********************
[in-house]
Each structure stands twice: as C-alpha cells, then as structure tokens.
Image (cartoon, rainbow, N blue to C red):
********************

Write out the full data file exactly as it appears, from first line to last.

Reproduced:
[in-house]
Each structure stands twice: as C-alpha cells, then as structure tokens.
Image (cartoon, rainbow, N blue to C red):